All My Debt And My Plan To Demolish It

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I’ll throw a quick number at you $32,786.5. Seems like a lot of cash because it it a lot of cash. It’s the amount of cash I owe to institutions. It’s a really big number for someone who has just turned 21. Let me give you a run down of everything that has happened since 2012, when I was 17, to give you a better picture.

I graduated high school a year early and became the first one in my family line to make it to college. This was in my life goals since I was little. There was no way I wouldn’t go to college. I loved school and learning, and since I was homeschooled the last two years of high school (grades 10-11 since I skipped grade 12), I craved the learning structure of a traditional classroom.

So, I chose to go to a vocational school and get an Associate’s degree leaving me with $24,166 in student loans. And, after graduating in 2014 and beginning to pay it off in 2015, I still managed to have $23,145.03 in student loan debt. I paid over $3,000 to it last year and only paid off $1,020.97 of the principal because of stupid interest. But, anyway, next up we have consumer debt.

I started working before I graduated, got my first credit card to build up my credit and was paying it off dutifully every month. I got an A in personal finance and this was my time to shine. I had a $500 credit limit and I kept the balance between 1-10%. My credit score was extremely high. Like, 770, high.

So, it was time to move out of my parents house with my fiance. We both had jobs, kept our spending down and was doing fine. I forget when debt started creeping. I think it started when I started paying student loans and I was making too high of payments that we could handle (I was putting $200 towards student loans every two weeks; I wanted it gone.). Or, maybe it was when I replaced my phone and couldn’t pay it straight off right away.

I think the real culprit was what happen around August. My credit limit was in the $3,000s. I was about to lose my job in August (I didn’t know this), we just had a fun vacation in July that we couldn’t afford, my cat was extremely sick and dying (after many vet visits, medical testing and medication trial and error, he is well and happy. I will never regret spending money to save my baby’s life.), and I somehow ended up with two more credit cards.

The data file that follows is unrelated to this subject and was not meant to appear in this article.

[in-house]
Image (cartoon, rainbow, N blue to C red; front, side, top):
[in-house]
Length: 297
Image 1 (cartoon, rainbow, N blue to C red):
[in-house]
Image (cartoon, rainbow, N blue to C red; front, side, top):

So, things happened. I applied for a second card to help my credit further and then two days after being accepted, I applied for a Best Buy credit card, so I could purchase my current laptop. My old one was about 4 years old and I wanted to start my own business soon. So, I needed a new one.

I then lost my job, moved and started paying for a wedding. Needless to say, we are currently maxed out of our credit cards. All together? $5,629.47. Yep! I should’ve failed personal finance. And, next up, we have the wedding!

Besides, the credit card debt, our wedding had one other credit expense: our wedding rings. We didn’t plan on spending more than $500 on these rings, but we fell in love. Mine is even custom designed to match my husband’s. So, $500 went on credit cards and we have $1500 to pay off. Which as of today is $1,240.

And, let’s not forget about Mr. Perfect’s debt. All he has is some student loans. That’s it. Although, technically we helped me get into debt and now that we’re married, everything is both of ours. So, the final numbers as of February, 2016:

All My Debt And My Plan To Demolish It

My Student Loans: $23,145.03

Brandon’s Student Loans: $2,772

Credit Cards: $5,629.47

Wedding Rings: $1,240

Total Debt: $32,786.5

Repayment Plan

I want to bring down my credit card debt first while continuing to pay more than the minimum on my student loans. I now pay $200 a month on student loans when the minimum payment is $124. I want to start with credit card debt because it’s harming my credit score; something I used to cherish.

It’s income tax season and my and my husband’s whole tax returns will go into paying down the credit cards. According to online calculators, we should get back enough to almost wipe them out. Not bad for the start of this journey. The trick will be keeping the balances low. We would have to use them until we’re completely on our feet.

After nearly wiping the credit cards, I want to tackle the wedding rings. We have interest free payments for now. But, if we don’t pay it off before October 2016, then the rings will start accruing interest. I hate interest! So, the rings is goal number two while also paying $200 a month on student loans and throwing money at the credit cards as we continue to use them.

For the record: Many bloggers who are on their own debt journeys, completely stop using their credit cards when they become debt free or get their limits lowered. This does more harm than good to your credit score. You have to have a balance between 1%-10% of your overall credit limit to keep a good score. Also, the more free credit you have, the better.

I’m planning on spending around $500 a month towards debt. $200 for student loans, $100 for credit cards and $200 for rings. Any extra income that we bring in, will go towards the main goal: rings.

After paying off the rings, which I’m assuming will be in September after throwing $200 a month towards it, we’ll start working towards Brandon’s loans. The $200 a month will be transferred from the ring fund to his student loan fund.

I know I’m getting ahead of myself, and many unexpected things will happen, but I just wanted to write down a basic plan. I want to breathe. I’ll update throughout the journey.

How is your debt? Are you debt free?

Continue this conversation on Twitter: @smplymnmllfe for minimalism inspiration and @katelyncresmer for Katelyn

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